Roads on Her Face #33: Nighttime Escape

When I look at the stars at night, I can teleport instantly back into the velvet blackness of the Mojave desert of Arizona. Just as the sun began to drop behind the darkened purple mountains, no longer the faded colors of old bleached clothes that they and the sky were in full day, the life that had been hiding and gasping in shade that never cooled off enough to allow full breaths would stretch, shake off the dust, and emerge. Birds cheeped hesitantly and then broke into song, the coyotes scuttled in around the creosote with pink tongues lolling. As it grew too dark to see the ground, we would kick off our shoes if we wore any, and get up on something to avoid the snakes, scorpions and spiders that were now free to walk on rocks and sand that had recently been the temperature of a pan just snatched from the oven. Out at Jim’s Place, there were always vehicles scattered around our homesite, little boats in a night ocean. If we could, we would jump from one to the other and let the cooling metal creak and pop underneath us as the heat rose in waves. On cue, the breeze that the sun released would begin to stir through the low washes, tickling hair and bringing the scent of flowers too delicate for the day.

The only light was from our kerosene lantern in the trailer, and the brilliance of the stars. The depth of them out there is incredible, with no light pollution and endless hours to watch them. If you lay flat long enough and stare into the sky, gravity appears to flip-flop and you feel as if you could suddenly fall downward into their depths instead of floating upward. Rowdy and I would often sleep on top of the big white Army truck, an old box-type truck with a broad flat top just right for sleeping bags and with no slant to encourage rolling off. High up there the breeze could become almost chilly, and snakes and bugs could never reach us. My parents might sleep on the hood of the station wagon, and the little ones with them or inside where there was no fear of a fall from car-height in the middle of the night.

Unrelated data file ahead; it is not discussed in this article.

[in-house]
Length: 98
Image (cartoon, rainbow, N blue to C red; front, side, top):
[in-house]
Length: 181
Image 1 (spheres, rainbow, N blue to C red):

We would all be spread over vehicles in the morning when the sun greyed the eastern sky, like refugees stranded on tiny islands after a shipwreck. At the first sign of light we would scatter to do our business and get anything done that needed to happen before the sun arrived, resigned to what was coming.

No one went straight to bed in the summer, taking time instead to enjoy the blessed cool and the absence of the angry sun. Dad would sit on one of the cars or the front of the Army truck, his radio tuned to NPR or story time from the 40s or 50s. I would feel my soul grow to fill the night sky, happiness and a whole-body gratitude for the night. I’m a night kind of girl. I feel safe in the quiet dim light, I think better thoughts, and magic doesn’t sound far-fetched.

We would all gather around and point out the stars, familiar constellations above us taking the place of other families’ TVs. We could all find the North Star, the dippers, Orion. We would pick up star books from the library and sit out with them and a flashlight, pinpointing the red star Arcturus or lesser-known constellations Cassiopeia or the Northern Cross. The flash of battery-powered light would be enough to kill your night vision for a moment, and eyes closed we would wait to for it to return, watching brilliant colors dance across our closed lids.